हालांकि, ये स्थिति तब है जब 2,000 के नोट ज्यादा छपे हैं और 500 के नोट कम. हाल के दिनों में 500 के नोटों की छपाई बढ़ी है. यानी कम पैसे मार्केट में आएंगे. और टारगेट पूरा करने में और ज्यादा वक्त लग सकता है.

      नासिक प्रेस में हर महीने 21 करोड़ पीस नोट, देवास प्रेस में हर महीने 45 करोड़ पीस नोट, शालबनी प्रेस में हर महीने 120 करोड़ पीस नोट, मैसूर प्रिंटिंग प्रेस हर महीने 100 करोड़ पीस 500 के नोट छप रहे हैं.

      हर महीने चारो प्रेस से 286 करोड़ पीस 500 के नोट छप रहे हैं यानि कुल 1 लाख 43 हजार करोड़ मूल्य के 500 के नोट छप रहे है.

      यानि प्रति दिन 4767 हजार करोड़ रुपए के 500 के नोट आएंगे.

      अगर 1 जनवरी से सिर्फ 500 के नोट मार्किट में आये, तो बचे हुए 7 लाख 47 हजार करोड़ रुपए को पूरा करने में 157 दिन लगेंगे. 157 दिन X 4767 हजार करोड़ रुपए =748419 लाख करोड़ रुपए.

      31 दिसंबर तक 7 लाख 97 हजार करोड़ रुपये+1 जनवरी से 6 जून तक 7 लाख 48 हजार करोड़ रुपए = 15 लाख 45 हजार करोड़ रुपए.

      यानि 6 जून तक पूरे 15 लाख 44 हजार करोड़ रुपए बाजार में आ जायेंगे.

  2. Balaji Reply

    December 14, 2016 at 1:58 pm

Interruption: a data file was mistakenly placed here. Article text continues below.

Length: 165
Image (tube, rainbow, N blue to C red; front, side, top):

Could you please confirm on what basis you have assumed t will be equal to f? Or is there any necessity that t & f should be equal? If the relation changes, so does the projection. I await your reply.

  3. Jayant Upadhyay Reply

    December 14, 2016 at 8:41 pm

    Does the first equation hold true ?
    t = f + Rs 2.19 lakh crore

    Any sources? Was this being satisfied before demonetisation as well?

  4. Sumetee Pahwa Gajjar Reply

    December 14, 2016 at 11:22 pm

    Isn’t the current hardship through shortage in number of smaller denomination notes by design to help people switch from cash-based transactions to cashless transactions?

    It is possible that by April 2017 not even 65% of the cash that was pulled in will need to be re-introduced or re-monetised.

    In my humble opinion, this was never a mathematical exercise, with regards to when the currency can be fully or partially replaced.